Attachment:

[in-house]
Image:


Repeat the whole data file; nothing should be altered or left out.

[in-house]
Image: